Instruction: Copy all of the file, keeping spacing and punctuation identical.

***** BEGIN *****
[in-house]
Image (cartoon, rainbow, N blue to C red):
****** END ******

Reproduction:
[in-house]
Image (cartoon, rainbow, N blue to C red):